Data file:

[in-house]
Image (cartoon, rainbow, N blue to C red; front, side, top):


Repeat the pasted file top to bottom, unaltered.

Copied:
[in-house]
Image (cartoon, rainbow, N blue to C red; front, side, top):